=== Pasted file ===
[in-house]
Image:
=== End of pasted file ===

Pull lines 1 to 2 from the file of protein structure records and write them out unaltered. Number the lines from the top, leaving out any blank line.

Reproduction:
[in-house]
Image: